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The following adverse reactions are discussed in greater detail in other sections of the labeling:

  • Suicidal thoughts and behaviors in adolescents and young adults [see BOXED WARNING, WARNINGS AND PRECAUTIONS]
  • Neuropsychiatric symptoms and suicide risk in smoking cessation treatment [see BOXED WARNING, WARNINGS AND PRECAUTIONS]
  • Hypertension [see WARNINGS AND PRECAUTIONS]
  • Activation of mania or hypomania [see WARNINGS AND PRECAUTIONS]
  • Psychosis and other neuropsychiatric reactions [see WARNINGS AND PRECAUTIONS]
  • Angle-closure glaucoma [see WARNINGS AND PRECAUTIONS]
  • Hypersensitivity reactions [see WARNINGS AND PRECAUTIONS]

Clinical Trials Experience

Because clinical trials are conducted under widely varying conditions, adverse reaction rates observed in the clinical trials of a drug cannot be directly compared with rates in the clinical trials of another drug and may not reflect the rates observed in clinical practice.

Adverse Reactions Leading to Discontinuation of Treatment

In placebo-controlled clinical trials, 4%, 9%, and 11% of the placebo, 300-mg-per-day, and 400-mg-per-day groups, respectively, discontinued treatment due to adverse reactions. The specific adverse reactions leading to discontinuation in at least 1% of the 300-mg-per-day or 400-mg-per-day groups and at a rate at least twice the placebo rate are listed in Table 2.

Table 2: Treatment Discontinuations Due to Adverse Reactions in Placebo-Controlled Trials

Adverse Reaction Placebo
(n = 385)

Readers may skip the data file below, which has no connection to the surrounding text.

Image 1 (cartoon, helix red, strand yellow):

WELLBUTRIN SR 300 mg/day
(n = 376)
WELLBUTRIN SR 400 mg/day
(n = 114)
Rash 0.0% 2.4% 0.9%
Nausea 0.3% 0.8% 1.8%
Agitation 0.3% 0.3% 1.8%
Migraine 0.3% 0.0% 1.8%

Commonly Observed Adverse Reactions

Adverse reactions from Table 3 occurring in at least 5% of subjects treated with WELLBUTRIN SR and at a rate at least twice the placebo rate are listed below for the 300- and 400-mg-per-day dose groups.

WELLBUTRIN SR 300 mg per day: Anorexia, dry mouth, rash, sweating, tinnitus, and tremor.

WELLBUTRIN SR 400 mg per day: Abdominal pain, agitation, anxiety, dizziness, dry mouth, insomnia, myalgia, nausea, palpitation, pharyngitis, sweating, tinnitus, and urinary frequency.

Adverse reactions reported in placebo-controlled trials are presented in Table 3. Reported adverse reactions were classified using a COSTART-based Dictionary.

Table 3: Adverse Reactions Reported by at Least 1% of Subjects and at a Greater Frequency than Placebo in Controlled Clinical Trials

Body System/ Adverse Reaction WELLBUTRIN SR 300 mg/day
(n = 376)
WELLBUTRIN SR 400 mg/day
(n = 114)
(n = 385)
Body (General)
  Headache 26% 25% 23%
  Infection 8% 9% 6%
  Abdominal pain 3% 9% 2%
  Asthenia 2% 4% 2%
  Chest pain 3% 4% 1%
  Pain 2% 3% 2%
  Fever 1% 2%
  Palpitation 2% 6% 2%
  Flushing 1% 4%
  Migraine 1% 4% 1%
  Hot flashes 1% 3% 1%
  Dry mouth 17% 24% 7%
  Nausea 13% 18% 8%
  Constipation 10% 5% 7%
  Diarrhea 5% 7% 6%
  Anorexia 5% 3% 2%
  Vomiting 4% 2% 2%
  Dysphagia 0% 2% 0%
  Myalgia 2% 6% 3%
  Arthralgia 1% 4% 1%
  Arthritis 0% 2% 0%
  Twitch 1% 2%
Nervous system
  Insomnia 11% 16% 6%
  Dizziness 7% 11% 5%
  Agitation 3% 9% 2%
  Anxiety 5% 6% 3%
 Tremor 6% 3% 1%
  Nervousness 5% 3% 3%
  Somnolence 2% 3% 2%
  Irritability 3% 2% 2%
  Memory decreased 3% 1%
  Paresthesia 1% 2% 1%
  Central nervous system stimulation 2% 1% 1%
  Pharyngitis 3% 11% 2%
  Sinusitis 3% 1% 2%
  Increased cough 1% 2% 1%
  Sweating 6% 5% 2%
  Rash 5% 4% 1%
  Pruritus 2% 4% 2%
  Urticaria 2% 1% 0%
Special senses
  Tinnitus 6% 6% 2%
  Taste perversion 2% 4%
  Blurred vision or diplopia 3% 2% 2%
  Urinary frequency 2% 5% 2%
  Urinary urgency 2% 0%
  Vaginal hemorrhagea 0% 2%
  Urinary tract infection 1% 0%
a Incidence based on the number of female subjects.
— Hyphen denotes adverse events occurring in greater than 0 but less than 0.5% of subjects.

Other Adverse Reactions Observed During the Clinical Development of Bupropion

In addition to the adverse reactions noted above, the following adverse reactions have been reported in clinical trials with the sustained-release formulation of bupropion in depressed subjects and in nondepressed smokers, as well as in clinical trials with the immediate-release formulation of bupropion.